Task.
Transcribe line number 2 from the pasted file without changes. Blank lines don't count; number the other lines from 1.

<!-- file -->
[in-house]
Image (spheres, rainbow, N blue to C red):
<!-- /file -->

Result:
Image (spheres, rainbow, N blue to C red):